One of the greatest challenges the new government in Argentina is currently facing is the ongoing energy crisis. In response, the South-American nation has started to rapidly expand renewable generation. This strategy also pays off internationally for Argentina, who will take over the G20 presidency from Germany in December 2017.
Argentina changed government in December 2015, right in the middle of the COP21 in Paris. Since then the new administration under President Mauricio Macri is working intensively on what they call the re-activation of the economy and Argentina’s return to the international stage. This development was welcomed by many economic sectors as well as by international leaders, and led to rising expectations from investors and civil society. Now, while some of the current reforms provide economic benefits and support businesses and the opening of the country, other measures can put environmental standards and sustainable development at risk.
The new government started on the right foot in terms of the signals and ideas it gave to promote sustainability and innovation - amongst them renewable energy, electric transport, energy efficiency and openness to discuss sensitive environmental issues. At its second day in power and last day of COP21, the government announced its plans to revise and improve its climate commitment; the first part of this process has been conducted in 2016 and will continue to develop in 2017.
Energy is probably the most showcased feature of this new administration given the serious challenges posed by instability and frequent failure of the electricity grid and the imminent energy crisis the country has been facing in the last few years. Argentina generates approximately three quarters of its electricity from heavily subsidized fossil fuels and the energy sector represents around half of the emissions matrix. So far the new administration has shown strong support for renewable energies, committing to install 10.000 Megawatt (MW) of renewable electricity generation over the coming years. The government opened a tender for 1.000 MW in 2016 and got an overwhelming reception with offers worth 6.300 MW. Thereby encouraged to open a follow-up tender for an extra 600 MW, they again received 2.300 MW in offers. If this trend continues, Argentina can easily achieve its 10.000MW target.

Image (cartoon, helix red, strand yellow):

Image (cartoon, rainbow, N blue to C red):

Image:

Although the promotion of renewables is in line with a pathway towards 1.5°C, some contradictory political decisions remain. Just one month before announcing the goal of 10.000 MW renewable capacity, the government also pledged to add another 10.000 MW of fossil-fuel (mainly gas and oil-fired) thermoelectric power plants. This would lock Argentina in fossil fuel dependence for many more years and on a carbon-intensive development path.
The energy issue in the country is closely linked to fossil fuel subsidies. For many years, despite international oil-prices, Argentina not only secured a minimum price for petrol companies, but also subsidized the consumption of fossil fuels in transport, agriculture industry, domestic and industrial use. These subsidies represent big losses from the national reserves every year. Therefore, achieving independence from fossil fuels is of much interest for economic reasons as well. Although fossil fuel subsidy reform is warranted, it is not popular. The Government has faced severe counter reactions because subsidies removals were too sudden, too big and too short term for most of the small business and households which are not in a position to absorb such strong measures. All this leads to the conclusion that Argentina needs to invest more time and effort into planning a gradual fossil fuel subsidies phase out in parallel with energy efficiency support measures and a renewables phase in.
Another key area for the country is agriculture, historically the most developed sector in the country and responsible for over 60% of Argentina’s exports. Intensive agricultural practices have been one of the main drivers of deforestation, and the land-use sector is responsible for almost half of the greenhouse gas emissions in the country. Just one week after taking office, the new administration has determined the removal of export fees for several crops and a plan to progressively remove soy export taxes in the years to come. While this was very well received in the agriculture sector, because it promotes the diversification of crops and improves the profit margin for farmers, environmental groups keep concerns about increased incentives to continue deforestation in new areas.
The central element missing in the climate related discussions in the country is a Long Term Strategy for Decarbonization, as included in the Paris Agreement under paragraph 19 in article 4, that forms a central ingredient for the 2018 revision of global ambition within the UNFCCC. Developing such a plan for Argentina, addressing the country’s economic challenges and long-term emission trajectory across sectors in parallel would help to create a more consistent national strategy towards sustainable development. Also, with Argentina taking over the G20 presidency in 2018, long term climate strategies should be on the national agenda – as they will be in the spotlight internationally.
Enrique Maurtua Konstantinidis is Director for Climate Change at the Argentinian NGO Fundacion Ambiente y Recursos Naturales (FARN) and ad-hoc coordinator of the Climate Action Network International (CAN) Mitigation Group. He has worked on climate policy and international climate negotiations for more than a decade.
- This article first appeared on www.klimaretter.info -